The compositions of the present invention can be especially suitable for providing polymer thick film (PTF) resistors. The PTF resistors made from the inventive polyimides and corresponding compositions exhibit exceptional resistor properties and are thermally stable even in relatively high moisture environments.
The liquid or paste compositions of the present invention can further include one or more metal adhesion agents. Preferred metal adhesion agents are selected from the group consisting of polyhydroxyphenylether, polybenzimidazole, polyetherimide, polyamideimide, 2-amino-5-mercaptothiophene, 5-amino-1,3,4-thiodiazole-2-thiol, benzotriazole, 5-chloro-benzotriazole, 1-chloro-benzotriazole, 1-carboxy-benzotriazole, 1-hydroxy-benzotriazole, 2-mercaptobenzoxazole, 1H-1,2,4-triazole-3-thiol, and mercaptobenzimidazole. Typically, these metal adhesion agents are dissolved in the polyimide solutions of the present invention.
In one embodiment of the present invention, the compositions can also be dissolved into a solution and used in integrated circuit chip-scale packaging and wafer-level packaging. These compositions can be used as semiconductor stress buffer, interconnect dielectric, protective overcoat (e.g., scratch protection, passivation, etch mask, etc.), bond pad redistribution, an alignment layer for a liquid crystal display, and solder bump under fills.
The advantages of the materials present invention are illustrated in the following examples. Processing and test procedures used in preparation of, and testing, of the polyimides of the present invention (and compositions containing these polyimides) are described below.
3 Roll Milling
A three-roll mill is used for grinding pastes to fineness of grind (FOG) generally <5μ. The gap is adjusted to 1 mil before beginning. Pastes are typically roll-milled for three passes at 0, 50, 100, 150, 200, 250 psi until FOG is <5μ. Fineness of grind is a measurement of paste particle size. A small sample of the paste is placed at the top (25μ mark) of the grind gauge. Paste is pushed down the length of the grind gauge with a metal squeegee. FOG is reported as x/y, where x is the particle size (microns) where four or more continuous streaks begin on the grind gauge, and y is the average particle size (micron) of the paste.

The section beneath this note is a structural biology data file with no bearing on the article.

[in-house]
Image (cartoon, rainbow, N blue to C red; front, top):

A 230 or 280 mesh screen and a 70-durometer squeegee are used for screen-printing. Printer is set up so that snap-off distance between screen and the surface of the substrate is typically 35 mils for an 8 in×10 in screen. The downstop (mechanical limit to squeegee travel up and down) is preset to 5 mil. Squeegee speed used is typically 1 in/second, and a print-print mode (two swipes of the squeegee, one forward and one backward) is used. A minimum of 20 specimens (per paste) was printed. After all the substrates for a paste are printed, they are left undisturbed for a minimum of 10 minutes (so that air bubbles can dissipate), then cured 1 hr at 170° C. in a forced draft oven.
Samples are solder floated in 60/40 tin/lead solder for 3 times for 10 seconds each, with a minimum of 3 minutes between solder exposures where the samples are cooled close to room temperature.
85° C./85% RH Testing
A minimum of three specimens that have not been cover coated are placed in an 85° C./85% RH chamber and aged for 125, 250, 375 and 500 hr at 85/85. After exposure time is reached, samples are removed from the chamber, oxidation is removed from the copper leads with a wire brush and the resistance promptly determined.
Samples of cured resistors that have not been cover coated are subjected to thermal cycling from −25° C. to +125° C. for 150 to 200 cycles with heating and cooling rates of 10° C./min with samples held at the extreme temperatures for 30 min.
Samples of cured resistor are exposed to 5,000 instantaneous volts of electricity five times. Voltage is decreased to 2,000 volts and the sample is exposed to 10 repetitions. The resistance change (as a resistor) is measured.
TCR (thermal coefficient of resistance) is measured and reported in ppm/° C. for both hot TCR(HTCR) at 125° C. and cold TCR(CTCR) at −40° C. A minimum of 3 specimens for each sample, each containing 8 resistors, is used. The automated TCR averages the results.
Thermal Conductivity Measurement
A film ˜0.3 mm is prepared on releasing paper by solution cast, followed by drying at 170° C. for 1 hour. A 1″ diameter puncher is used to cut the sample into the right size. For the thermal conductivity determination a laser flash method is used to determine the thermal conductivity. Samples are sputtered with ˜200 Å of Au layer in order to block the laser flash being seen by the IR detector during the measurement. The gold coating is then sprayed with three coats of micronically fine synthetic graphite dispersion in Fluoron®. The graphite coating increases the absorption of radiation on the laser side of the sample, and increases the emission of radiation on the detector side.
The specific heat is determined first by comparing with that of a standard (Pyrex® 7740), and then corrected by subtracting those of gold and graphite coatings. The bulk density is calculated based on the formulation. Thermal diffusivity in the unit of cm/s is obtained via a Netzsh laser flash instrument. The thermal conductivity is calculated as: